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Home away from home: International students follow their dreams and celebrate their heritage at Methodist University.


Fadhl Al-Names is a long way from home.
But he has no intention right now of leaving the United States to return to southern Yemen, his native land.
“The country’s in a war zone,” Al-Names says. “There’s nothing for me there.”
Al-Names has found a second home as a third-year student at Fayetteville’s Methodist University. He is pursuing his education in a foreign land to reach for a more promising future.
Al-Names is not alone. He recently gathered with other international students to talk about their experience at Methodist.
On March 23, they will celebrate their heritage in the annual “Pangea” stage show. The students will dress in the colorful, traditional attire of their homeland and sing, dance, read poetry, and spotlight their artwork. A fashion show has proven to be one of the evening’s highlights.
It’s all happening at a university that takes pride in welcoming a large number of students from countries across the world to come to Fayetteville in pursuit of a college degree and greater opportunity.
Methodist, with a student population of about 2,000, was recognized in 2022 as the No. 1 most diverse university in North Carolina by Niche University Rankings and Reviews. In a national ranking, Methodist came in a 56th most diverse.
The rankings are determined using statistics and student reviews from the U.S. Department of Education.
‘Success stories’
Minnu Paul, director of the Global Education Office at Methodist, has been with the university for 6½ years.
“We do conduct a considerable amount of recruitment to make students aware of our presence,” Paul says. “Additionally, we have developed a reputation through the students that pursue their degree and graduate from the university. The success stories surely draw students to the school.”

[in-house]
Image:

According to Paul, 89 students from 54 different countries now attend Methodist University.
Methodist has had a history of presidents that valued global discourse among students from diverse backgrounds and nationalities, Paul says.
“Therefore, they believed in injecting resources to find avenues and opportunities to recruit internationally while hiring faculty and staff that can nourish the platform to create global citizens,” says Paul, who is 33 and a native of India.
Since the 1960s, students from all continents — except Antarctica — have enrolled at Methodist.
Paul says the Global Education Office helps guide students through their transition to the United States as well as to the community and on campus.
“We advocate for international student-friendly policies within the campus,” she says. “We support their social development through workshops on budget management, finding internships, preparing for life beyond graduation, etc. We also support students through hard times such as hurricanes or pandemics.”
Helping hands
Al-Names says he expects to reach his potential with an education obtained in the United States.
“So, I came here first for the school,” Al-Names says. “I have a friend from Yemen here at the same time. This school gave me the opportunity to see myself. I never believed I could be out of the country.”
He said his major — business analytics — is being taught for the first time this year at Methodist.
Al-Names, who is president of the eight-member executive board of the international student association, said the Global Education Office has helped him since his arrival on campus.
“It has a lot of goals,” he says. “One is to make sure international students have a place to go. They take care of admissions for international students and who comes from our country.”
Astha Khatri, 23, has been a Methodist student for roughly four years.
“I got a good scholarship,” says the native of Nepal. “It’s a smaller school. It’s easier to ask questions. It’s peaceful.”
Khatri is a double major, pursuing business administration and financial economics. Her minor is business and entrepreneurship.
“Pangea,” she says, helps students share their heritage.
“It’s a festival where people try to present our own culture like here. I present my traditional clothes and my country through me.”
She hopes to become a manager or perhaps a CEO for a nonprofit organization.
“Sometimes, I miss home,” she says. “I call and talk to Manno. I come and talk to her. We get to know each other’s countries. We learn things from them. … We get to know America and, in turn, we are making ourselves better.”
Methodist University students from countries worldwide will dress in the colorful and traditional attire of their homelands to perform music, dances, and poetry readings; spotlight their artwork; and present a fashion show.
The show will begin at 8 p.m. March 23 at Huff Concert Hall, 5400 Ramsey St.
Admission is free.